Summer of the Shark: Stingray City

My summer-long (likely into a little bit of autumn) quest to find sharks in the Pamlico Sound took me to the waters of the Neuse River this past Thursday.  I’ve been out on the Neuse looking for sharks on a couple occasions before, and it was time to see if my gear and a few new techniques could find some sharks where we hadn’t before.  We had the longline and gillnet both available and were fishing an afternoon/evening set to see if we could hit the twilight hours when sharks are at their most active.  We also opted to set the gillnet first, set and haul the longline while watching the gillnet like a hawk (in case something big hit it that needed a quick release) and then haul the net, which gave us a longer soak time for the gillnet.  Did these new ideas help us find any sharks in the estuary?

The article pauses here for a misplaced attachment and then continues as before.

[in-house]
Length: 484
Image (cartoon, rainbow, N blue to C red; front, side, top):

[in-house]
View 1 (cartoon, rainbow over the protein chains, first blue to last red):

We hit the water by 3:30 and were setting the gillnet at 4:30.  The idea was to fish some of the daylight afternoon hours, get a set or two in as the sun was setting, and then do at least one true night set, which is pretty much exactly what happened.  The weather held for us for the most part, though the wind randomly picked up and things got a little interesting as we were making the first longline set.  The wind also whipped the end of the gillnet around the anchor line, creating yet another annoying knot that knocked it out of commission for the rest of the day (we will be using a different anchor/buoy line setup in the future to make sure this never happens again).  Still, we got one good soak out of the net and several longline sets.